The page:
Antinuclear

Australian news, and some related international items

The human toll on the survivors of the atomic bombing of Nagasaki

They were so badly disfigured by the blast that it not only took them years to recover some kind of health, but they were also hesitant to reveal themselves in public. Children would cry or run away from them, thinking they were monsters. Younger survivors were often bullied at school. Atom-bomb victims (hibakusha) found it hard to find marriage partners, because people were afraid of passing genetic diseases to their offspring.

Nagasaki-drawing-1

The only reason we know about the people described by Southard is that all of them overcame their deep embarrassment and “came out,” as it were, as kataribe, or “storytellers” about the atom bomb, reminding people of the horrors of nuclear war by speaking in public, at schools, conferences and peace gatherings all over the world.

The merits of Southard’s book are clear. It was bad enough for the Americans to have killed so many people, and then hide the gruesome facts for many years after the war. To forget about the massacre now would be an added insult to the victims. Southard has helped to make sure that this will not happen yet.

 

book Nagasaki Life After Nuclear War‘Nagasaki: Life After Nuclear War,’ by Susan Southard,

NYT, By IAN BURUMAJULY 28, 2015 “………..Susan Southard’s harrowing descriptions give us some idea of what it must have been like for people who were unlucky enough not to be killed instantly: “A woman who covered her eyes from the flash lowered her hands to find that the skin of her face had melted into her palms”; “Hundreds of field workers and others staggered by, moaning and crying. Some were missing body parts, and others were so badly burned that even though they were naked, Yoshida couldn’t tell if they were men or women. He saw one person whose eyeballs hung down his face, the sockets empty.”

Gen. Leslie Groves, the director of the Manhattan Project, which had developed the atom bomb, testified before the United States Senate that death from high-dose radiation was “without undue suffering,” and indeed “a very pleasant way to die.”

Many survivors died later, always very unpleasantly, of radiation sickness. Their hair would fall out, they would be covered in purple spots, their skin would rot. And those who survived the first wave of sickness after the war had a much higher than average chance of dying of leukemia or other cancers even decades later.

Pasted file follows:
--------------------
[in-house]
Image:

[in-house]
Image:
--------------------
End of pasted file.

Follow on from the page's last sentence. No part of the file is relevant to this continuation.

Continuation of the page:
What made things worse for Japanese doctors who tried to ease the suffering of atom-bomb victims is that information about the bomb and its effects was censored by the American administration occupying Japan until the early 1950s. Even as readers here were shocked in 1946 by John Hersey’s description of the Hiroshima bomb in The New Yorker, the ensuing book was banned in Japan. Films and photographs of the destruction of Hiroshima and Nagasaki, as well as medical data, were confiscated by American authorities.

The strength of Southard’s book is that her account is remarkably free of abstractions. She is a theater director, albeit one with an M.F.A. in creative writing, and her interest in the story began in 1986, when she was hired as a translator for one of her subjects who was on a speaking tour in the United States. Instead of statistics, she concentrates, like Hersey, on the fates of individuals. We read about Wada Koichi, an 18-year-old student worker for the municipal streetcar company, as well as a 16-year-old schoolgirl named Nagano Etsuko, another teenage girl named Do-oh Mineko, a 13-year-old boy named Yoshida Katsuji, and several others.

They were so badly disfigured by the blast that it not only took them years to recover some kind of health, but they were also hesitant to reveal themselves in public. Children would cry or run away from them, thinking they were monsters. Younger survivors were often bullied at school. Atom-bomb victims (hibakusha) found it hard to find marriage partners, because people were afraid of passing genetic diseases to their offspring.

The only reason we know about the people described by Southard is that all of them overcame their deep embarrassment and “came out,” as it were, as kataribe, or “storytellers” about the atom bomb, reminding people of the horrors of nuclear war by speaking in public, at schools, conferences and peace gatherings all over the world.

The merits of Southard’s book are clear. It was bad enough for the Americans to have killed so many people, and then hide the gruesome facts for many years after the war. To forget about the massacre now would be an added insult to the victims. Southard has helped to make sure that this will not happen yet.

NAGASAKI

Life After Nuclear War

By Susan Southard

Illustrated. 389 pp. Viking. $28.95. http://www.nytimes.com/2015/08/02/books/review/nagasaki-life-after-nuclear-war-by-susan-southard.html?_r=0

 

 

August 7, 2015 - Posted by | Uncategorized

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